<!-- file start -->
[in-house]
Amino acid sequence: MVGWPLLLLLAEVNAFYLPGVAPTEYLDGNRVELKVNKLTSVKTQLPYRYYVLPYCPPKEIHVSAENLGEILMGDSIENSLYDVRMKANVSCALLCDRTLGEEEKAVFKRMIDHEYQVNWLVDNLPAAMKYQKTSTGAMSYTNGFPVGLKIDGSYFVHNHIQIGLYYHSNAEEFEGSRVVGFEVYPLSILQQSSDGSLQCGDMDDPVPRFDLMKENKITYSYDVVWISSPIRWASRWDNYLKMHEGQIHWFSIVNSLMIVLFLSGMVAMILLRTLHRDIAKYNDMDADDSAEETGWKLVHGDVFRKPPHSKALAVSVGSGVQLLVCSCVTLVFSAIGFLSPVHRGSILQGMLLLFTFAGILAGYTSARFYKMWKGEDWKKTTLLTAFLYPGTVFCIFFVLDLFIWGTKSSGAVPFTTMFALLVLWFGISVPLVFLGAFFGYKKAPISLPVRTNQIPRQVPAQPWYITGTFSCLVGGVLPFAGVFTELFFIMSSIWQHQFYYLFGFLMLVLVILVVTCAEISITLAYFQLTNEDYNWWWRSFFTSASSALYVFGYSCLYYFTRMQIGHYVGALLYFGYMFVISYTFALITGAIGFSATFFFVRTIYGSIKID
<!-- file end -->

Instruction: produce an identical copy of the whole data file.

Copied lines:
[in-house]
Amino acid sequence: MVGWPLLLLLAEVNAFYLPGVAPTEYLDGNRVELKVNKLTSVKTQLPYRYYVLPYCPPKEIHVSAENLGEILMGDSIENSLYDVRMKANVSCALLCDRTLGEEEKAVFKRMIDHEYQVNWLVDNLPAAMKYQKTSTGAMSYTNGFPVGLKIDGSYFVHNHIQIGLYYHSNAEEFEGSRVVGFEVYPLSILQQSSDGSLQCGDMDDPVPRFDLMKENKITYSYDVVWISSPIRWASRWDNYLKMHEGQIHWFSIVNSLMIVLFLSGMVAMILLRTLHRDIAKYNDMDADDSAEETGWKLVHGDVFRKPPHSKALAVSVGSGVQLLVCSCVTLVFSAIGFLSPVHRGSILQGMLLLFTFAGILAGYTSARFYKMWKGEDWKKTTLLTAFLYPGTVFCIFFVLDLFIWGTKSSGAVPFTTMFALLVLWFGISVPLVFLGAFFGYKKAPISLPVRTNQIPRQVPAQPWYITGTFSCLVGGVLPFAGVFTELFFIMSSIWQHQFYYLFGFLMLVLVILVVTCAEISITLAYFQLTNEDYNWWWRSFFTSASSALYVFGYSCLYYFTRMQIGHYVGALLYFGYMFVISYTFALITGAIGFSATFFFVRTIYGSIKID